Little G has a new hobby: drawing on walls. She started doing it while visiting New York and personally, I blame MOMA for giving her the idea.
Be that as it may, You must be mad is not happy, given that Little G is not Banksy, and she always manages to choose a colour that doesn't go with the rest of the room.
At the moment, she is being actively discouraged, though in the future, should she become a famous artist, we might all look back and wish we'd saved her juvenilia for posterity. Which brings me in a total non sequitur to the tricky subject of bribery, or as my friend Sheila, minder of Slightly Older Grandchild calls it: rewards
Sheila uses rewards copiously because as she rightly points out, we are not here to waste our time arguing and negotiating and dealing with strops - that's the parental job. We have been down that path and now, in our old age, we are here for fun. Her rewards consist of packets of raisins or small apples - a cunning choice as they take a long time to eat.
I also use these, coupled with small packets of cheese biscuits and the odd chocolate penny to smooth our path through the day. It works well, though Little G is very canny about rewards and reminds me if one has been promised.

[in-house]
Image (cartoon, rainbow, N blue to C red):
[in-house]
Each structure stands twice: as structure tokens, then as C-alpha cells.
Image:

With each reminder, the reward increases incrementally in size and importance
Thus a casual mention in passing last week that some ice-cream might be forthcoming if all her lunch was eaten, rapidly developed from 'some ice cream' to 'I like ice cream' to 'I have ice cream for pudding' to 'it's ice cream day at Grandma's house tomorrow!'
In the end and as promised, she did indeed have some ice cream. And then complained that it was too cold to eat which sadly is a prime example of the triumph of experience over hope, and something one is never too young, nor too old, to learn.